The result?  When ZEB2 is delayed in our closest cousins, the brain organoids develop as large as a human.  When it’s shut off early in humans, our brain organoids stop at the size of our largest cousins, meaning that merely one gene that remains inactive for two additional days results in a three fold increase in brain size, a small change has a large effect.

To be sure, organoids are a simplified model and it most certainly takes more than a single gene to make a human brain out of a chimpanzee, but this doesn’t make the study any less groundbreaking or illuminating about how evolution works in general.  The more we learn, the more we discover how small changes like this to a single or a handful of genes result in huge differences in development.

Consider the Hox genes, a set of genes shared by all animals, from fruit flies to humans.  These genes are responsible for laying out the body plan in early development, essentially providing markers for other genes to build out the final structure, whether an appendage or antennae in an insect or a vertebrate in a human. Interestingly, Hox genes are part of a family of homeobox genes, these homeobox genes are present in even single celled organisms, meaning the genes that ultimately determine what shape we will take go back to the earliest complex cells.  In more complex animals, they are normally expressed along the head to tail length of the growing embryo, suggesting that the process to lay out a body plan is shared among all animals and a truly ancient feature of our evolution.

All insects for example have 8 hox genes.  Humans, on the other hand, have 39.  In both species and all other animals, these genes essentially regulate the turning on and off of other genes.  The process is obviously complex, but at a simple level the Hox gene is expressed as a protein, that protein then causes other genes to be expressed in that location.  A single Hox gene can dictate the behavior of huge networks of other genes, turning on the sequence that creates an entire body part.

In this way their function is similar to the ZEB2 gene, and a small change in Hox gene can have a major change on the final form of the body, thus 31 additional Hox genes can result in the difference between a fly and a human.

Of course, I am oversimplifying here, there are a lot more differences between flies and humans than the Hox genes, but that doesn’t alter the underlying point that evolution works because genes are arrayed in complex hierarchies.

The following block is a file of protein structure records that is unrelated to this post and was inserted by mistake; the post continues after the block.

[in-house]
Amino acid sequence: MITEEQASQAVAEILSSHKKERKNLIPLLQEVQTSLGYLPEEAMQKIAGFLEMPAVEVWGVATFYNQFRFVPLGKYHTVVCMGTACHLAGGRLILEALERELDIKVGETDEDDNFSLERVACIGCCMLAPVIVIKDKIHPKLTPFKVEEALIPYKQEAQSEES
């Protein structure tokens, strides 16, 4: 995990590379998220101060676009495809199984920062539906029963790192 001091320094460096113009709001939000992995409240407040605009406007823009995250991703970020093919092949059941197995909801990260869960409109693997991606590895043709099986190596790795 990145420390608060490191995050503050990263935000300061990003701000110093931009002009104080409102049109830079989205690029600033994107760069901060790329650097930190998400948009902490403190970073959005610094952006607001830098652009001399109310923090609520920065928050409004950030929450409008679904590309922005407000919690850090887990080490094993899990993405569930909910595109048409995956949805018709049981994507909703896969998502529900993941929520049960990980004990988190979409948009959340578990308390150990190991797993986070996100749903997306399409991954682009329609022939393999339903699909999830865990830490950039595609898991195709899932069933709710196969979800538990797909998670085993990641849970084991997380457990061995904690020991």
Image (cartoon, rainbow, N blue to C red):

There are genes that build the basic molecules of our body, encoding for the carbohydrates, lipids, proteins, and nucleic acids that make up every cell.  As we saw earlier, many of these genes like the homeobox are shared across plants, animals, and microscopic organisms.  There are genes that organize these molecules into different types of cells, skin, hair, muscle, neurons, etc.  These genes are also shared, though not nearly as broadly, in this regard a dog has just about the same genes as a human, but a fly would have some (not all) markedly different ones.   Then there is another level of gene that organizes these cells into organs, and yet another that orchestrates where those organs are positioned in the body.

As many of these genes are also broadly shared, this suggests that the body plan itself evolved first and then the specific body parts came later. This makes perfect sense when you consider the adaptability of the hierarchy:  Since the Hox genes don’t care what they are positioning, they’re infinitely flexible and can more easily accommodate changes to the body parts.  Ultimately, it’s this hierarchy that enabled the wide variety of life to emerge, a small change to the Hox gene separates a stunning variety of insects, a tripling of the Hox genes separates insects from humans, or a small change in ZEB2 separates apes from humans.

In all these cases, the information the genes are acting on is preserved, meaning you don’t need to change the underlying genes at all to alter the shape of a body or the size of a brain.  Imagine if we could design buildings this way, change the size or shape of a floor and the rooms, complete with the furniture, all automatically adjust to the new dimensions.

The information is preserved in another, perhaps even deeper sense as well.  As we saw earlier this year, inside every plant and animal cell is a protein called a cryptochrome.  This protein is sensitive to incoming light and changes in the magnetic field.  Though the protein is billions of years old, it’s used by birds today to navigate their migratory patterns, meaning the incredibly complex behavior of a modern organism is based on a protein that evolved before there were even multi-celled organisms in the first place.  Think about that for a moment:  Billions of years before they were birds or anything resembling birds, the cryptochrome emerged, likely to help a single celled organism respond to changes in the environment, but it helps tell a modern bird where to fly for the winter.

The mysteries of evolution remain deep, but the genes offer a veritable ocean to continue our exploration.  The more we learn the more we are amazed at the infinite flexibility evolution provides with a relative handful of building blocks.